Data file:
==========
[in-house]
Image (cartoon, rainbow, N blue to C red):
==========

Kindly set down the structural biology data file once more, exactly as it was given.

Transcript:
[in-house]
Image (cartoon, rainbow, N blue to C red):